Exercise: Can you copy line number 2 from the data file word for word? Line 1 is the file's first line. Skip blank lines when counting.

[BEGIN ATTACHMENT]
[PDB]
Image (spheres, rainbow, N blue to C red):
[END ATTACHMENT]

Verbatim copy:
Image (spheres, rainbow, N blue to C red):